Topic: Gate Pā Address (29 April 2014) by Sir Jerry Mateparae

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Lt Gen The Rt Hon Sir Jeremiah "Jerry" Mateparae, GNZM, QSO, Governor-General of New Zealand, gave the following address at the 150th commemoration of the Battle of Gate Pā at Pukehinahina on 29 April 2014. The following iwi were represented at the ceremony: Ngāi Te Rangi, Ngāti Ranginui, Ngāti Pūkenga, Ngāti Porou, Whakatohea, Tūhoe, Ngāti Awa, Ngāti Rangiwewehi, Waitaha, Tapuika, Tainui, Koheriki, Ngāti Haua and Raukawa.

Introduction and acknowledgements


Tihei mauri ora 


E ngā iwi o Tauranga Moana – Ngai Te Rangi, Ngāti Ranginui, Ngāti Pūkenga; me nga iwi o te motu

Kua hui mai nei, tēnā koutou.


Arikinui Tuheitia, me Atawhai, tēnā kōrua.

Arikinui Ta Tumu Te Heuheu, tēnā koe


To the tribes of Tauranga Moana, Ngai Te Rangi, Ngāti Ranginui and Ngāti Pūkenga, and all the other tribes from Aotearoa, greetings.


I greet you Kiingi Tuheitia and Atawhai.

I greet you Sir Tumu Te Heuheu.


I specifically acknowledge Hon Dr Jonathan Coleman and Hon Dr Pita Sharples, Ministers of the Crown; Lieutenant General Tim Keating, Chief of Defence Force; Major General David Cullen of the Royal Artillery; and His Worship, Stuart Crosby, Mayor of Tauranga and other mayors from the local districts – tēnā koutou katoa.

It is a great privilege to take part in today’s events - the commemoration march and this ceremony to mark the 150th anniversary of the Battle of Pukehinahina/the Gate Pā.  Today’s hikoi, the haka and this ceremony give poignancy to the events of 150 years ago.  They honour the brave people who lost their lives, on both sides of the battle.  I commend Buddy Mikaere, the Pukehinahina Charitable Trust and all the volunteers who have worked to make this a memorable occasion.

The enduring image of the Battle of Gate Pā has become that of a Māori warrior risking his life to take water to an adversary, Lieutenant Colonel Henry Booth, who was mortally wounded.  That image has come to symbolise the compassion shown by the warriors in the Pā to British wounded and dying.  Today, we recall the story behind this image in an effort to understand the events which led to the battle, and its consequences.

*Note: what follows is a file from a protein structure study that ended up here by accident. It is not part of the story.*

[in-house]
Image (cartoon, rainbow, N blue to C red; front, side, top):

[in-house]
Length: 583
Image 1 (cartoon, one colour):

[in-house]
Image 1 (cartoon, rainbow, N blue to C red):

The origin of conflict in the 1860s lay in land and mana - the increasing reluctance of Māori to give up control of their land and the determination of a settler government to wrest more of it from them.  The New Zealand Settlements Act 1863, allowed for the confiscation of Māori land from North Island tribes deemed to have rebelled against the British Crown.

And so, when Lieutenant General Sir Duncan Cameron’s Imperial and Colonial forces invaded the Waikato, the dice was cast.  Iwi on this side of the Kaimais supported the Kingitanga forces, and British troops came to the Bay of Plenty to stem that flow of support.  Rāwiri Puhirake’s pā, built here on the boundary between Māori and mission land, was intended to provoke the battle which ensued here. 

General Cameron had every reason to believe his troops would win the day[1] - superior numbers and artillery.  However, the Gate Pā’s defenders in its bunkers and concealed rifles pits thwarted Cameron’s assault plans.  The result was a resounding defeat for Cameron’s forces.[2]  

On the 21st of June, 1864, fortunes took a different turn.  Rāwiri Puhirake perished along with at least 100 of his warriors at the battle of Te Ranga, about five kilometres south of here.  Of Puhirake, history records that: “Such was their regard for him that British officers gathered to pay Puhirake their last respects when he was buried after the battle”.[3] 

On 21 June 1914, to mark the 50th anniversary of Puhirake’s death, a memorial in his honour was unveiled at the Mission Cemetery.  The memorial joined others in the cemetery which honour Māori and Pākehā who died at Pukehinahina and Te Ranga.